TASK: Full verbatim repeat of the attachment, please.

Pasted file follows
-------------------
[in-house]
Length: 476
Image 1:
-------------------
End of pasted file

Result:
[in-house]
Length: 476
Image 1: